I usually end my first couple of sessions with a client by giving them one or two stretches to do. The idea is to help maintain the corrective nature of my work between sessions. The reality is, most of the time, the stretches will be done one or twice and then forgotten as life begins to get in the way.
So why should you stretch? How does it help “maintain the corrective nature of my work”?
First, some anatomy. Within each muscle belly are muscle fibres called Muscle Spindles. These specialised fibres are wrapped in nerves and detect changes to the length of the muscle. In tendons there are similar nerve cells called Golgi Tendon Organs that serve the same function. When a muscle or tendon are placed under what is perceived to be a potentially damaging amount of tension the brain will interpret these signals as pain to get us to reduce the tension and reduce the risk of injury.
So how does all this tie into stretching? There is a concept called Davis’s Law that, to summarise, states that muscles will accommodate the way they are mechanically stressed. What this boils down to is “You are what you repeatedly do”. It’s the principle of any good training and strengthening program. So if you consistently and repeatedly stretch a muscle (with good form) the body will adapt to the perceived requirement of an increased range of motion.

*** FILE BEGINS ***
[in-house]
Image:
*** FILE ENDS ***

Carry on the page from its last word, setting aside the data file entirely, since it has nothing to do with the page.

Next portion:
After a massage muscle tension is lessened, meaning the body will be more flexible. I see this as a prime time to stretch out the muscles that have been worked upon, as you will be better able to condition your muscle spindle fibres into a larger range of motion.
So how long should you stretch and for how often? I recommend holding a stretch for at least 30 seconds to 1 minute, 2 or 3 times a day. An excellent time to stretch is before bed as this can help clear ones mind and set up a routine to help your body get ready for sleep. It’s a good idea to stretch both the target muscle and it’s antagonist (e.g the bicep and the triceps are both agonist/antagonist to each other).
Stretching is a wonderful way to bring mobility back into your body. Just remember to start slowly!